[spunge] - Greatest Hit......S (Cover Artwork)


Greatest Hit......S (2013)


For their 7th studio album, Greatest Hit......S, [spunge] decided to re—record a bunch of their songs handpicked by their fans.

The intro to the first track is highly reminiscent of Stiff Little Fingers' "Alternative Ulster", but don't let that fool you as they soon kick into straight up ska—punk. Horns are barely present though, only making a fully fledged appearance later on in the animal—abusive and frustrated "Kicking Pigeons".

The self—referential "Lyrical Content" sets the tone: "it may not be up there with J.R.R Tolkien / but at least you don't need a PhD to understand what I mean". This humorous take on things remains throughout, even when a political aspect is explored say in "Whitehouse" ("I'm standing at the corner of the street, / got a sign that says I need to eat, / but you just walk on by, no, you can't look me in the eye") or "Jump On Demand" ("remember when you're being rude that we're the ones that cook your food, so just take care / 'cause i know it might offend if we were to go and send you chicken a la pubic hair"); and when the tone gets more personal as in "Backstabber", "Friend Called Fred" or "Ego" ("My ego's got so big lately / Swear that you could see it standing on another planet"). "Skanking Song" manages to somehow combine haircut advice and Vandals references with its earworm of a chorus: "this is a skanking song, its a skanking song, / and you cant go wrong if you skank along, / it's a skanking song, its a skanking song".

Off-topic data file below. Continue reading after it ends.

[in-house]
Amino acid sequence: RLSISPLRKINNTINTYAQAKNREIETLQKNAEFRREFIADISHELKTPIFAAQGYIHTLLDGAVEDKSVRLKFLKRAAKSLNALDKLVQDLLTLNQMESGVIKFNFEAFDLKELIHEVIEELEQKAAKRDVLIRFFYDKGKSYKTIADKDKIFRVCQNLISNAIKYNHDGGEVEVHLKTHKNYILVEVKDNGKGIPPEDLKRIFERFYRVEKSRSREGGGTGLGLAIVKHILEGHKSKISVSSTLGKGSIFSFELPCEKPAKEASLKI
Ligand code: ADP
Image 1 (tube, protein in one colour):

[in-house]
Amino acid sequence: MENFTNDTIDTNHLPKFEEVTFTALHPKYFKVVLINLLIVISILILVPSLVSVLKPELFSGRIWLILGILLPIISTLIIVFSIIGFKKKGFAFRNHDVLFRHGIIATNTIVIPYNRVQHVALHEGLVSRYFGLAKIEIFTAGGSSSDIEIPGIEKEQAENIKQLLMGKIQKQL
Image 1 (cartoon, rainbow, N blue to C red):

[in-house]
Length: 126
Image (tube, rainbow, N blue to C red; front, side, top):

The carefree lifestyle takes its toll though in "Live Another Day", which details a struggle with the drink, and "Home Video" which features the shameful consequences of getting drunk and naked and recording what happens next on tape... A couple of breakup songs also come during the second half of the album, namely "Angel With A Pint Glass" and "Change of Scene" ("When she first came into the bedroom I'd say / Yeah yeah yeah yeah yeah yeah yeah yeah / But that backfired cause she likes her girlfriend better so / Nah nah nah nah nah nah").

The catchy "Roots" serves notice to whoever might let time or success get in the way of their past friendships, while "Some Suck Some Rock" boisterously shoots down everything from gangsta rap and boy bands, to nu metal and even their own beloved genre ("ska punk's just a big joke"). Two covers also appear in the form of a modified "No Woman No Cry" (changing the message to "you've got no woman, don't cry"), and a rendition of "Centerfold" as the closing track.

This collection of tunes is pretty neat for anyone newly discovering the band (as I was when I first picked it up), and I've kept it in regular rotation for the last month or so.